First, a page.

Loner’s ideology of death
CBD ATTACKER CUTS WOMAN’S THROAT HEROES TRAP ACCUSED WITH MILK CRATE POLICE FIND TERROR MATERIAL
A young man carrying a butcher’s knife and shouting “Allahu Akbar” after allegedly murdering one woman and stabbing another in Sydney’s CBD yesterday had access to materials about this year’s Christchurch massacre, mass killings in the US and other acts of violence.
The bloody rampage allegedly carried out by 21-year-old Mert Ney, which caused the city centre to be put into lockdown, was only brought to a halt by the heroic efforts of bystanders who tackled the attacker and pinned him to the ground before police and other emergency services arrived.
NSW Police Commissioner Mick Fuller said Ney had been found to have information on a thumb drive “about other crimes of mass casualties and mass deaths around the world”.
“Information was found on him that would suggest he had some ideologies related to terrorism, but he has no links to terrorism … he has no apparent links to terror organisations,” Mr Fuller said last night.
“(It was) information (on) mass deaths and mass casualties around the world, namely from North America and New Zealand. He was known to police but his history was unremarkable.”
Ney is understood to have been known to mental health services but was not being held in any health facilities against his will before yesterday’s alleged attacks.
Ney’s family home in Marayong, in Sydney’s west, where he lives with his mother, was turned into a crime scene last night as police scoured for clues as to why he carried out the attack and his background.
The rampage began when Ney allegedly lunged at a 41-year-old woman at the Hotel CBD in King Street, stabbing her in the back, before jumping on the bonnet of a passing Mercedes yelling, “shoot me, f..king shoot me”.
A crime scene was established nearby when police discovered the body of an unidentified woman in her 20s at 104 Clarence House in Clarence Street, a block away from where Ney was arrested.
The woman had had her throat slashed. It has been widely reported she may have been a sex worker, as the unit had been used as a brothel. “It appears he (Ney) was there for a business purpose,” Mr Fuller said.
Police say Ney did not appear to have any links with terrorist groups, and believe he was a “lone actor”. The attack was most likely linked to his long history of mental health problems.
Scott Morrison described the attack as “deeply concerning”.
In London on a trade mission, NSW Premier Gladys Berejiklian said: “Our thoughts and prayers are obviously with the deceased and the victims of this horrific crime.
“I’ve been in touch with the commissioner and the Minister for Police and obviously we’ll be kept updated of ongoing developments but I also want to acknowledge the very brave passers-by who obviously tried to intervene, and say that our thoughts are with all the victims and all those who witnessed this horrific incident.”
Mr Fuller said bystanders who tackled Ney and disarmed him, had saved the city from even worse “carnage”. He described them as “highest-order heroes”.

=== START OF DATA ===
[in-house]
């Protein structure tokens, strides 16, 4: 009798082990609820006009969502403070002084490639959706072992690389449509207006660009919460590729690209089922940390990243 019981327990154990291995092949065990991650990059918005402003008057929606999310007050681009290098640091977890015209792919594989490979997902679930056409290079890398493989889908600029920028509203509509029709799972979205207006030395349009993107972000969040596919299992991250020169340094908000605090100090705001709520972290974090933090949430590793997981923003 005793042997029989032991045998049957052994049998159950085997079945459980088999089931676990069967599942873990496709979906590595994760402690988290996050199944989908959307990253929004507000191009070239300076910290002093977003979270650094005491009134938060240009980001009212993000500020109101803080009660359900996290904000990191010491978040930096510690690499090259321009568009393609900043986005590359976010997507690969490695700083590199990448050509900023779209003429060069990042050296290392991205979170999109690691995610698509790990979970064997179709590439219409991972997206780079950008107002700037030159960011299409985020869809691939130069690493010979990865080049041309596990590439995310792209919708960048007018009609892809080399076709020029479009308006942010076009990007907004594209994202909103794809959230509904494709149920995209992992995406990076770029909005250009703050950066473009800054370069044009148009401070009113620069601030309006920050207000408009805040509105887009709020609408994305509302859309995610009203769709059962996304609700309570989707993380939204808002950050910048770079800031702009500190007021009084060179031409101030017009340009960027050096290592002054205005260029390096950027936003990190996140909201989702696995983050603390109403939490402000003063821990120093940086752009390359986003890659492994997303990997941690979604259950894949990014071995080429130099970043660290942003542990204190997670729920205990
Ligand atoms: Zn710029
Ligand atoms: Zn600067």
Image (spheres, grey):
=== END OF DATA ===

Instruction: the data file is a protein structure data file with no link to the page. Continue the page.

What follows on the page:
“They put their own physical well-being, their own lives on the line to protect their fellow citizens,” Mr Fuller said.
Vision of the attack shot by witnesses showed Ney splattered with blood running from two brothers and a fireman. They tripped him up then pinned him to the ground by putting a milk crate over his head.
A fourth man, armed with a crowbar, was so enraged he stood over Ney, screaming at him: “You stabbed a chick, mate.”
Two of the heroes, brothers Paul and Luke O’Shaughnessy had rushed from their fourth-floor office. “Everybody was like splitting,
there’s young families and kids on the street that had to get out of the danger zone,” Paul O’Shaughnessy said.
A large contingent of police arrived within minutes of Ney being subdued, their guns drawn.
Ney was immediately taken into custody and two blocks of the CBD were closed off as crime scenes.
Mr Fuller said the investigation was “live and ongoing”.
“Ney’s long history of mental health problems appeared to be behind the attacks.
“He was known to police but his history was unremarkable compared to the gravity of the crimes he committed,” Mr Fuller said.
The commissioner said he had his “best investigators” from the NSW Homicide squad leading the inquiry and they were “meticulously” working through the evidence.
No matter what the circumstances, Mr Fuller said, it was a “horrendous crime and he should pay for that.”
Mr Fuller said police were still trying to build a “picture” on Ney, tracing back to his movements over the past 12 months and the possible triggers for his allegedly murderous attack.
“What’s influenced him to go from an individual who was living with his parents and seemingly getting on with his to turning into someone that’s capable of such an horrendous crime, that is such an important part of the investigation,” Mr Fuller said.
“We need to take an enormous amount of time to get that right.”
NSW Police Minister David Elliott said: “The commissioner has assured me the city is safe … there is no reason for any citizen to consider their life is in danger.”
Mr Elliott said the actions of the bystander heroes, as well as the city’s police and firemen had gone “well and truly beyond the call of any citizen”.
“This is how Sydneysiders respond,” Mr Elliott said.
“If you want to behave in this manner in this city … just be aware it’s not just police who respond.”
Alleged killer Mert Ney is trapped under a milk crate on a Sydney street after bystanders caught him and pinned him to the ground; Ney, below, wielding his knife on top of a car